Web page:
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Design Commission takes active role in design of city projects

Monday, May 4, 2009 by Austin Monitor

The Design Commission is beginning to take a more active role in shaping the design of city projects. This week, the commission looked at plans for a new Austin Energy campus, and Chair Richard Weiss suggested all projects in the urban core and along the core transit corridors be presented to Design Commission. If given a list of projects, the Design Commission could pick and choose what might be controversial.

Commissioners have taken a special interest in the proposed Austin Energy System Control Center, worried that a “fortress-like” design for the utility’s new campus would discourage nearby residential development.

Betty Trent made a thorough presentation at Monday night’s Design Commission meeting, walking commissioners through various aspects of the project, both exterior and interior. The project is located in a light industrial area on Montopolis Avenue between Riverside Drive and Ben White Boulevard.

The Design Commission doesn’t usually consider cases like this. The majority of the commission’s cases involve downtown projects, almost always built from the ground up and often with the need for exceptions or variances. In this case, the Design Commission was looking at a city utility campus project, far from downtown, and using an existing building shell for its own purposes.

City projects always have been a sensitive point with the Design Commission. Most city plans are not brought to the commission until well into the design phase, giving the commission little say on improving the look or feel of such a project. The parking garage for the Long Center would be an example of just such a project. The commission was vehemently opposed to the design, but the commission was not consulted on the look and feel of the city-owned parking garage.

Austin Energy, however, did make an attempt to discuss its new energy control center with the commission on Monday night, which will be the conversion of an existing abandoned high-tech campus. The exterior of the current buildings on Montopolis Avenue would remain virtually unchanged, while Austin Energy would convert the interior space of the buildings to serve the energy utility’s purposes.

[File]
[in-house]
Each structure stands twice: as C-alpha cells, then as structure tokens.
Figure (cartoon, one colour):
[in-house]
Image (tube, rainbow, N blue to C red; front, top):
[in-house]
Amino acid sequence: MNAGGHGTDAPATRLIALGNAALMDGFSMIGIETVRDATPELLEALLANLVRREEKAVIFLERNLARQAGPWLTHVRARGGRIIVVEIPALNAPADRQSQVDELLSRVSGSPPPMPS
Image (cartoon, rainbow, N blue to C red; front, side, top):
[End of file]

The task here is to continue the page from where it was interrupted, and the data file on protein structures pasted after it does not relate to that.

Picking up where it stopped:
Some nearby vacant property, however, could eventually be developed for residential use, and the Design Commission was concerned the Austin Energy campus might discourage that.  Commissioner James Shieh focused on how the campus looked from the outside. Would this campus be too imposing for a residential area?

It will be a delicate balance for Austin Energy to consider. As Trent noted, it’s not Austin Energy’s goal to encourage a pedestrian-oriented use of the site, as it would be for a typical downtown project. Still, the Design Commission wanted to make sure the site would not be so imposing as to discourage surrounding development.

That led to a discussion of trees and streetscape at Monday night’s meeting, as well as how the Austin Energy project would look from the street. Trent noted it should look no different than it does right now – the basic corporate campus with limited access — although security on such a campus is expected to be high.

At Monday night’s meeting, commissioners noted it was not the Design Commission’s intention to suggest excessive standards. Instead, the discussion was about how the campus could present the right message. That included ornamental fencing on the property, as well as the placement of trees along the fence line. Commissioners discussed the use of space between the parking lot and sidewalk.

The Design Commission continues to ask for a bigger role in city projects. At Monday night’s meeting, Commissioner Juan Cotera talked about an Austin Energy substation on North Lamar that had a significant impact on surrounding area, an impact that could have been mitigated by a discussion with the Design Commission.

Planner George Adams told the Design Commission that all city projects could be fed through the commission for comment, which is not exactly what Cotera envisioned. Cotera said not all Austin Energy substations are going to be of interest to the Design Commission, but there are some that should be considered and reviewed.

Adams said he would consult with the city’s Public Works Department to compile a list of relevant projects. That list could easily be presented to the Design Commission to pick and choose which projects might be significant.

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